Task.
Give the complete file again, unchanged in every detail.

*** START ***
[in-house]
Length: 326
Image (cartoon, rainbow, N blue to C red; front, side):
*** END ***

[in-house]
Length: 326
Image (cartoon, rainbow, N blue to C red; front, side):